While many of the headline-grabbing fraud stories come from the financial services sector, fraud in the manufacturing sector is more common than many would think. Andrew Durant, senior managing director at FTI Consulting uncovers the sector’s underhand dealings.
A study published by the Fraud Advisory Panel in 2010, found that overall, large enterprises lost £5.4 billion to fraud. The consumer goods and manufacturing industries suffered the greatest losses (£1.3 billion and £1 billion respectively).
This is borne out by my personal experience of investigation fraud over the past 20 years. One of the most memorable cases I have worked on had a huge impact for both the company and local community.
“As with so many instances of fraud, the perpetrator was an employee of the company, and a senior one at that.”
The actions of a finance director in a vehicle manufacturer effectively brought down the company – the parent company closed the operations resulting in around 1,200 redundancies. This also had a knock-on effect with the company’s supply chain leading to further job losses. And as the largest employers in the town, this has a severe effect on the local economy with many families hit by the losses two incomes at once.
“As the UK Government’s spending cuts really start to hit families in the next year and the threat of redundancies loom large, the temptation to top up income through fraud will be a strong one.”
As with so many instances of fraud, the perpetrator was an employee of the company, and a senior one at that. Companies are at far more risk from their own employees than anyone else and the threat of fraud rises steeply when two or more employees collude.
Fraudsters are not always in it just for the money, but it can be a strong motivation. As the UK Government’s spending cuts really start to hit families in the next year and the threat of redundancies loom large, the temptation to top up income through fraud will be a strong one.
What makes a fraudster?
It is difficult to generalise, but studies have suggested that perpetrators tend to be University-educated white males, with men accounting for nearly three quarters of all offences.
While employees of any level could commit fraud, the impact is likely to higher the more senior the offender. Losses caused by managers were four times, and executives 16 times, more than those of employees lower down the food chain.
And finally, length of service plays a factor. Nearly half of fraudsters have been employed by their companies for five or more years.
How can manufacturers reduce risk of employee fraud?
As part of overall risk control procedures, companies need to look at the following:
1. Recruitment screening
Ensuring proper screening is put in place for all full-time, temporary and contract staff can reduce risk. The level of screening will be dependent on seniority and/or position. There will also need to be on-going screening for existing staff.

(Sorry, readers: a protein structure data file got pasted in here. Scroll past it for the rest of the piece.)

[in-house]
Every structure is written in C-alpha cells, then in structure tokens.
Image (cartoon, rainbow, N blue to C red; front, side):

2. Code of conduct
Fraud is more likely to take place in an organisation which tolerates unethical behaviour. A code of conduct, which sets the tone from the top, is properly enforced and updated according to changing circumstances, will not only help to keep employees on the ‘straight and narrow’ but may encourage people to come forward if they know that fraud is being committed.
It is very rare for fraud to be committed in the workplace and for other (innocent) employees not to know about it. Even if an organisation has a whistle-blowing process, staff and suppliers need to be aware. The fact that there may have been a low number of reports may indicate a lack of trust in the process rather than a low incidence of fraud. If a whistle-blower does come forward, the organisation will need to ensure it has adequate procedures in place to ensure all the relevant information is obtained and so it can react appropriately.
4. Risk assessment & controls
Once the organisation has dealt with some of the human aspects to fraud prevention (i.e. it has the right staff with the right attitude), it can then move onto performing a risk assessment. When risks have been identified, prioritised and allocated, controls can then be assessed. This includes identification of existing controls, testing of those controls, updating or designing of new controls, monitoring performance of controls going forward and further updating if necessary.
But even with these processes in place, companies should not forget to look out for signs right under their nose. Often fraud can be detected just through managers noticing a change in behaviour such as increased levels of stress, reluctance to take holiday or delegate and a tendency to take on responsibility for projects outside of their remit. Employees who suddenly have a lifestyle not commensurate with salary can also be a warning sign.
While the vast majority of employees are honest, it still pays to be vigilant for the signs of fraud that can seriously impact a company’s balance sheet in an already difficult economic market.